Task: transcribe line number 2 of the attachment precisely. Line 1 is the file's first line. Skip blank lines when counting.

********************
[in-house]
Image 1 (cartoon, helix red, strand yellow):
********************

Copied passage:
Image 1 (cartoon, helix red, strand yellow):